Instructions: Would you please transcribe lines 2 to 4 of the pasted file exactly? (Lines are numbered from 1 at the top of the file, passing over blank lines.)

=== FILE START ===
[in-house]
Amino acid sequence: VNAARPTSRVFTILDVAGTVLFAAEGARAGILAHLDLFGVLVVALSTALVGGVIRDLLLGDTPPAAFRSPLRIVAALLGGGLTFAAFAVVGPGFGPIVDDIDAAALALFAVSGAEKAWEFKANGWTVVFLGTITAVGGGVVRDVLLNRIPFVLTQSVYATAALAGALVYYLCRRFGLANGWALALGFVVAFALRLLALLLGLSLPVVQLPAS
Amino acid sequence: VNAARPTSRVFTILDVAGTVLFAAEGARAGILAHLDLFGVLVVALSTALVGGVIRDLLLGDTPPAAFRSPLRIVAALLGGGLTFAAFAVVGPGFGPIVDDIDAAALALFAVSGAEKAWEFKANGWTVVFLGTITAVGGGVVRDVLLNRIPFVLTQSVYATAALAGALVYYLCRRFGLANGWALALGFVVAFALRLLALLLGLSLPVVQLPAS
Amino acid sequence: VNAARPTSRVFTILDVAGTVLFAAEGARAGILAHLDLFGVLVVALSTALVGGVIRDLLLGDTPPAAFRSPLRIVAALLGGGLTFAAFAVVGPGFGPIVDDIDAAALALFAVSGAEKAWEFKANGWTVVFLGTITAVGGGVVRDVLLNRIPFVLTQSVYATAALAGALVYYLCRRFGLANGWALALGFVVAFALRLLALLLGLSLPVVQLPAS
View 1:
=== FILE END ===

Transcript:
Amino acid sequence: VNAARPTSRVFTILDVAGTVLFAAEGARAGILAHLDLFGVLVVALSTALVGGVIRDLLLGDTPPAAFRSPLRIVAALLGGGLTFAAFAVVGPGFGPIVDDIDAAALALFAVSGAEKAWEFKANGWTVVFLGTITAVGGGVVRDVLLNRIPFVLTQSVYATAALAGALVYYLCRRFGLANGWALALGFVVAFALRLLALLLGLSLPVVQLPAS
Amino acid sequence: VNAARPTSRVFTILDVAGTVLFAAEGARAGILAHLDLFGVLVVALSTALVGGVIRDLLLGDTPPAAFRSPLRIVAALLGGGLTFAAFAVVGPGFGPIVDDIDAAALALFAVSGAEKAWEFKANGWTVVFLGTITAVGGGVVRDVLLNRIPFVLTQSVYATAALAGALVYYLCRRFGLANGWALALGFVVAFALRLLALLLGLSLPVVQLPAS
Amino acid sequence: VNAARPTSRVFTILDVAGTVLFAAEGARAGILAHLDLFGVLVVALSTALVGGVIRDLLLGDTPPAAFRSPLRIVAALLGGGLTFAAFAVVGPGFGPIVDDIDAAALALFAVSGAEKAWEFKANGWTVVFLGTITAVGGGVVRDVLLNRIPFVLTQSVYATAALAGALVYYLCRRFGLANGWALALGFVVAFALRLLALLLGLSLPVVQLPAS